In his own case, Deason said he found economic resources of NCAI, the National Indian Education Association, the National Indian Gaming Association, and the American Indian Chamber of Commerce of Oklahoma to be useful for networking and providing business expertise. He also recommended business seminars sponsored by the Cherokee Nation and other tribes.

Among counties, Los Angeles, California, had the largest number of Native-owned businesses with 14,195, accounting for 6.0 percent of all the nation's Native-owned businesses. Among metropolitan areas, Los Angeles-Long Beach-Santa Ana, Calif., had the largest number of Native-owned businesses with 17,634 (7.4 percent), followed by New York-Northern New Jersey-Long Island, N.Y.-N.J.-Pa., with 13,188 (5.6 percent).

Thomas L. Mesenbourg, Census Bureau deputy director, said the research, which is unique in nature, is important for Indians because “it can ensure they have access to the same entrepreneurial opportunities as other groups.” He noted that the data is the only source of population-wide, regularly collected information on businesses owned privately by individual American Indians and Alaska Natives.

Other highlights of the report, as listed by the Census Bureau:

  • Of the 236,967 Native-owned businesses in 2007, 23,704 had paid employees, a decrease of 3.2 percent from 2002. These businesses employed 184,416 people, a decrease of 3.6 percent from 2002. Their payrolls totaled $5.9 billion, an increase of 15.4 percent. Receipts from these employer businesses totaled $27.5 billion, an increase of 25.1 percent.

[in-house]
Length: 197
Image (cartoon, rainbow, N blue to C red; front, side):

• In 2007, 213,263 Native-owned businesses had no paid employees, an increase of 20.6 percent from 2002. These non-employer businesses generated $6.9 billion in receipts, an increase of 40.7 percent from 2002.
  • The number of Native-owned businesses with receipts of $1 million or more increased 26.7 percent from 3,631 in 2002 to 4,599 in 2007.
  • The number of Native-owned businesses with 100 employees or more decreased by 9.0 percent from 178 to 162.
  • In 2007, 30.5 percent of Native-owned businesses operated in construction; and repair, maintenance, personal, and laundry services.
  • In 2007, construction, retail trade and wholesale trade accounted for 52.9 percent of Native-owned business receipts.

Chapman, a citizen of the Mohegan Nation, also noted that Native firms with receipts of $1 million or more tended to generate a much larger percentage of all revenues and paid employment than firms with receipts under $1 million. Firms with receipts of $1 million or more represented 2 percent of all Native firms, but generated 67 percent of all Native firms’ gross receipts and 63 percent of all their paid employment.

There were 4,599 Native firms which generated gross receipts of $1 million or more in 2007. These firms generated combined gross receipts of $23 billion and employed 116,759 workers. Average gross receipts of American Indian and Alaskan Native firms generating sales of $1 million or more grew by 5 percent from $4.7 million per firm in 2002 to $5.0 million in 2007.

In order to improve the overall situation, Chapman said that more effort nationwide should be dedicated to growing and expanding American Indian and Alaska Native firms in size and scale.